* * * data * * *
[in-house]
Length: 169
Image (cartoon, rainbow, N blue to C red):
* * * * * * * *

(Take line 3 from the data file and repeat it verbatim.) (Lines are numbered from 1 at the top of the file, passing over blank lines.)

Image (cartoon, rainbow, N blue to C red):